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Understanding Age Discrimination Claims in Texas

Age discrimination in employment in Texas is prohibited under the federal Age Discrimination in Employment Act of 1967 (ADEA) and Chapter 21 of the Texas Labor Code. However, employers in Texas need to know that federal and state laws only protect against discrimination against employees who are 40 years of age or older. Further, employers may only be covered — and thus required to comply with the law — if they employ 15 or more workers (although the ADEA has an employee threshold of 20 or more employees, Chapter 21 sets the threshold at 15 and, thus, employers in Texas Read more
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Do I Need to Pay Employees for Being on Call in Texas?

Many Texas employers have businesses that require their employees to be on call. In other words, employers have workers who are required to be ready and available for work when called on by the employer. If you have on-call employees, or stand-by employees, are you required to pay these employees for the hours they are on call under Texas state or federal law? The answer to that question will depend upon a number of factors, some of which are specific to your business and some of which are specific to the employment circumstances. Our Frisco employment lawyers can provide your Read more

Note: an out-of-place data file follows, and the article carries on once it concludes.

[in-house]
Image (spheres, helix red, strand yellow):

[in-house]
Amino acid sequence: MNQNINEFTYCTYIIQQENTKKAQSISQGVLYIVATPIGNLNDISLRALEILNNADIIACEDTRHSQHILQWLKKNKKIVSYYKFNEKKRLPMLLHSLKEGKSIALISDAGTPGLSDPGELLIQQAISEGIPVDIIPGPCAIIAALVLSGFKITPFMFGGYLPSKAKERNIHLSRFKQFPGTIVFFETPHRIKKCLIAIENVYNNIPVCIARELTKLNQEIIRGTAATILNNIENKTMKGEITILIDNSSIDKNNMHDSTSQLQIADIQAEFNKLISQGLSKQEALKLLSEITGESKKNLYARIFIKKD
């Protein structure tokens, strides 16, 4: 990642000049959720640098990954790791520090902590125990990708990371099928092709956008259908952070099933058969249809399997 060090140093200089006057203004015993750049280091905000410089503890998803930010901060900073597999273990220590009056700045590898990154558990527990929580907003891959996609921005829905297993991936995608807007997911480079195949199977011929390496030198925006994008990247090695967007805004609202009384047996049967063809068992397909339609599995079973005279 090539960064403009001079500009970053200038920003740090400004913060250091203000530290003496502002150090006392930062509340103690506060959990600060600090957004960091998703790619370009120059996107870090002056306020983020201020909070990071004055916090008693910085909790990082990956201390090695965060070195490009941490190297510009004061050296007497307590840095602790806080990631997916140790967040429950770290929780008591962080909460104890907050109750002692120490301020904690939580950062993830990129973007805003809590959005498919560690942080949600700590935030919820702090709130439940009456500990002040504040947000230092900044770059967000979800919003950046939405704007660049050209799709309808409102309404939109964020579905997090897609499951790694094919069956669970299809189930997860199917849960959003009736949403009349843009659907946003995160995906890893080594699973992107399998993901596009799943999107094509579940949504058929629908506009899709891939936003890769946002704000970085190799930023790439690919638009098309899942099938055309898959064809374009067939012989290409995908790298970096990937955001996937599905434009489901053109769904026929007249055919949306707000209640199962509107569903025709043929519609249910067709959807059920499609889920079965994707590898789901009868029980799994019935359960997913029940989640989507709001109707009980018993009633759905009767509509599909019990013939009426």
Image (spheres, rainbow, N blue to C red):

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What Termination Documents Should I Keep on File for Former Employees?

When employers in Texas terminate employees, employers are required to keep many different types of documents on file for those former employees. To be clear, as an employer, you must comply with record keeping requirements for both current and former employees, and you cannot remove most records or documents for former employees until a specific amount of time has passed. The amount of time you are required to maintain documents and records for former employees will depend upon the type of document and the corresponding federal and state laws in Texas. As the Texas Workforce Commission (TWC) explains, employers have Read more
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Are There Limits to Uniform Requirements in Texas?